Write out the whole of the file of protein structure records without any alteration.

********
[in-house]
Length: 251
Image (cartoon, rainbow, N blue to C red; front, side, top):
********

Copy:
[in-house]
Length: 251
Image (cartoon, rainbow, N blue to C red; front, side, top):